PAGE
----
" Hampton-court, November 14, 1584. " Whereas, Barnaby Benison, minister, has given us to " understand, the great hinderance he has received by your " hard dealing with him, and his long imprisonment, for " which if he should bring his action against you of false " imprisonment, he would by law recover damages, which " would touch your lordship's credit. We have, therefore, M thought fit to require your lordship to use some consi" deration towards him, in giving him a reasonable sum of u money to repay the wrong you have done unto him, " and to supply the hinderance he hath incurred by your " hard dealings with him. Therefore, praying your '* lordship to deal with the poor man, that he may have " occasion to turn his complaint into a good report unto

" us of your charitable dealing. We bid you farewell* " Signed,

" Amb. Warwick, Walter Mildmay.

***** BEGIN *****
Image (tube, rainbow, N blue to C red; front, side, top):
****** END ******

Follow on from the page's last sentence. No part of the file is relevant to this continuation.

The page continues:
" Fr. Bedford, Christ. Hatton,

" Robert Leicester, Fr. Walsingham."
" Charles Howard,

Upon the bishop's reception of the above letter, he returned this answer:—u I beseech your lordships to " consider, that it is a rare example thus to press a bishop, u for his zealous service to the queen and the peace of the u church, especially as the man was found worthy to be " committed for refusing to go to church,and other instances u of nonconformity, to say nothing of his contemptuous u behaviour towards me. Nevertheless, since it pleaseth " your lordships to require some reasonable sum of money, " J pray you consider my poor estate and great charges, u together with the great vaunt the man will make of his u conquest over a bishop. I hope, therefore, your lordships " will be favourable to me, and refer it to myself, either to u bestow upon him some small benefice, or otherwise to help " him as opportunity offers. Or if this shall not satisfy the " man, or not content your lordships, leave him to the trial " of the law, which, I hope, will not be so plain for him as " he taketh it. Surely, my lords, this and the like must " greatly discourage me in this poor service of mine in the M commission; wherein, if I seem remiss, I pray you impute " it to the troubles and infirmities of old age."#